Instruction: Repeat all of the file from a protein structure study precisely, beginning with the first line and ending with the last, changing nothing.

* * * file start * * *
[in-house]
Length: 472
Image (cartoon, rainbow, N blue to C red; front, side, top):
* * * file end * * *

[in-house]
Length: 472
Image (cartoon, rainbow, N blue to C red; front, side, top):